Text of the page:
Billionaire Bill Gates reportedly shopped for “hundreds of acres of farmland” in Turkey while vacationing aboard a superyacht that emits an estimated 19 tons of CO2 a day before heading to the climate conference in Scotland.
The founder of Microsoft, worth $138 billion according to Forbes, surveyed the country while traveling to Turkey last week for his 66th birthday, where he and Amazon founder Jeff Bezos celebrated the coast on a gas-guzzling ship.
“He wants to create a big sustainable farm in Turkey,” a source told the New York Post.
Gates, 66, is already the largest owner of farmland in the US with approximately 242,000 acres in 18 states.
Bill Gates reportedly shopped for ‘hundreds of acres of farmland’ during a trip to Turkey for his birthday last week
Gates, the world’s fourth richest man, toured the coast on the 107-meter LANA, above, a superyacht that probably emits 19 tons of CO2 a day
The tech entrepreneur and philanthropist has come under criticism for his lavish lifestyle, which contributes to global CO2 emissions many times higher than the average person’s while championing eco-friendly initiatives.
Gates allegedly took Bezos and 50 guests by helicopter from the huge LANA yacht to a restaurant in the Turkish city of Fethiye for his birthday party last Thursday.
According to the Post and the Turkish newspaper, he had been on holiday off the coast of Turkey aboard the yacht for more than a week Hurriyet.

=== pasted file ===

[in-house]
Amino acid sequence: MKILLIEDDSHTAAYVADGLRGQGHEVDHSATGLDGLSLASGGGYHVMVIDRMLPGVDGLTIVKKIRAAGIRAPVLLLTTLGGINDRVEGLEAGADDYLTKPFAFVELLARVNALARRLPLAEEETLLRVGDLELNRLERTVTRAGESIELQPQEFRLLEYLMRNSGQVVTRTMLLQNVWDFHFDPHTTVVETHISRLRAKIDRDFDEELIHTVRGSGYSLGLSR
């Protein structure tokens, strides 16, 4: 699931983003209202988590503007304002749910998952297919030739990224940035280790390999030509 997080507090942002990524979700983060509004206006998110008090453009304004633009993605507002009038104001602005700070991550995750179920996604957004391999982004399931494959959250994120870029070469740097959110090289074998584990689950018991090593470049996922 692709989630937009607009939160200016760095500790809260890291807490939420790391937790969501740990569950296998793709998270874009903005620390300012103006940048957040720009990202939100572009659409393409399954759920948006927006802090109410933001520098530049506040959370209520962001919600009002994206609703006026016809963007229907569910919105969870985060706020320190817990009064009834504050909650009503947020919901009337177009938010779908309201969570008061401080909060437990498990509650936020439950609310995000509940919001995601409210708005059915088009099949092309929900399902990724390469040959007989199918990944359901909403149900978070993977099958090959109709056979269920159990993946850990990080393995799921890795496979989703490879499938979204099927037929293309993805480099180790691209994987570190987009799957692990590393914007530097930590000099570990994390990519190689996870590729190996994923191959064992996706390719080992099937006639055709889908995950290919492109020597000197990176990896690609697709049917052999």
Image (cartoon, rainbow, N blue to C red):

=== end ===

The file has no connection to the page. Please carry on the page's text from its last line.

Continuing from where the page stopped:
The 107-meter LANA has a master bedroom, seven VIP cabins, a cinema room and a large swimming pool on a sundeck, according to Imperial yachts in Monaco, which rents the ship for $2,110,500 a week.
Last week, Gates and about 50 guests, including Jeff Bezos, were flown by helicopter from the LANA to Sea Me beach in the southwestern province of Muğla in Turkey’s Fethiye district.
Gates celebrated his birthday at the restaurant for about four hours, according to local media
Gates is currently at the COP26 climate change conference in Glasgow and does not appear to have flown back to Turkey.
Representatives from Gates and the Bill & Melinda Gates Foundation did not immediately respond to requests for comment from DailyMail.com.
On Tuesday, the Bill & Melinda Gates Foundation announced it is committing $315 million “to help hundreds of millions of smallholder farmers adapt to a wave of climate threats that now threaten the global fight against hunger and poverty.”
The total commitment to CGIAR, formerly the Consultative Group for International Agricultural Research, now stands at approximately $1 billion.
With this new promise, CGIAR — which has been providing high-quality solutions to farmers in low-income countries for 50 years — has raised more than half a billion dollars by 2021 to develop a wide range of climate-smart innovations such as stress-tolerant crop varieties, climate forecasting services and new strategies for restoring degraded lands to improve productivity,” said the Gates Foundation.
Last week’s trip to Turkey, where Gates reportedly looked to land, was his second visit to the country in four months, according to the pro-government newspaper Daily Sabah.
There were rumors that he allegedly bought 22,000 hectares in the region of Thrace. His intention to buy land temporarily raised prices, the newspaper said.